Back to Rome? On a fast train? Don't get on the wrong train! We are lucky that there is another one a half hour later. We aren't going to miss this at any expense.
Back at the NorthEast Astronomy Forum, we met Giovanni Sacco, of Unitron Instruments. We mentioned that we were soon leaving on an astronomy tour of Europe. He linked us up with his colleague, Claudio Costa, who invited us for a tour of the Vatican Observatory.
When we meet him in Termini station, Claudio was a soft-spoken but confident man wearing a Kennedy Space Center sweatshirt. He walked us to his car and we began our drive to Castel Gandolfo, the Summer residence of the Pope. Long ago, the Vatican had an electronic issue with one of their research telescopes. Claudio had the chance to offer his assistance. He laughs, recalling the biggest stroke of luck in his life: "I got the contract, fixed the telescope, and then at the end, I said I didn't want any pay, I just wanted access to the observatory. So they said OK, we will pay you, and give you access!" Now, Claudio is in charge of the restoration of these historical telescopes. For over 20 years, he's used the Vatican's former research telescopes at his leisure, and let me tell you, these guys are big. But we'll get to that.
Palazzo Gandolfo is the former residence of the emperor Diocletian. Now the Pope lives here, along with a team of astronomer-priests who conduct their research. Claudio briefly lets us out of the car for us to enjoy the gardens.
Inside the astronomer's quarters is display case after display case of truly extraordinary materials. Apollo aged autographs signed by Gene Cernan, a meteorite that came from Mars, original copies of Copernicus, Newton, Galileo, and Kepler.
There is something sacred about looking at one of the first ever sketches of Earth revolving around the Sun. Science and religion have had a rocky relationship in the distant past (just ask Galileo and Copernicus), but the stance of a spiritual astronomer is very wise. Studying the mysteries of nature is one of the important ways that we can understand the divine around us. There is nothing incompatible about exploring science and exploring faith at the same time.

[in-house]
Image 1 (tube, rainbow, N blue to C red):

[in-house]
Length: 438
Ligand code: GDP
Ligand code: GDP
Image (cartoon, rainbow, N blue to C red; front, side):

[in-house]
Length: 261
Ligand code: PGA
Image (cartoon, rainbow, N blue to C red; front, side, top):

Claudio leads us up to the first dome. Inside is an enormous reflector. So big we couldn't get it into any one picture. In the 1960s, a Pope purchased this telescope from his own pocket. Wow! It was once state of the art, and the mechanical components all impressed me immensely. In this room, the Pope himself watched the 1969 landing on the moon, and from where we stand right now, he addressed the world on the importance of this moment.
Next, Claudio led us to the second telescope, a double refractor, one visual, the other, for photographic plates. Claudio showed us the restoration. It's now controlled by a playstation controller! Claudio showed us the great difficulty involved in creating photographic plates. First, the telescope must cool down to the outside temperature, because the focus changes as it cools. This takes two hours. Next, Claudio charges a photographic plate places it in the telescope. He takes an exposure, then develops the plate, and checks to see whether all the stars are in focus. He makes any adjustments necessary, and then from there he can begin a longer exposure for the study of Nebulae. All in all, he can develop maybe three exposures in a single night.
Now consider this. Long ago, the Vatican participated in the first ever complete survey of the sky: the "Carte du Ciel". Observatories from all over the world participated, and systematically photographed every part of their sky that was overhead. From 1910 until 1921, the observatory created photographs of the skies. A team of three nuns operated sophisticated Zeiss microscopes, carefully turning precision knobs to record the positions and brightnesses of the stars in the sky. One nun measured the positions and brightnesses of stars on Zeiss microscopes. The second nun checked the answer on an identical instrument. The third one wrote it down. They did this for YEARS! In this time, if you performed tasks like these, you were called a "computer". All in all, they catalogued 481,215 stars. Again it makes you appreciate, astronomy is the delicate art of staring as hard as possible into the void of space, to maybe catch a glimpse further into the Universe than ever before.
At 12am, we board our train back to Florence, and sleep for a measly 4 hours aboard the train before arriving at the station. Astronomers have strange hours, but that's why we see such extraordinary things.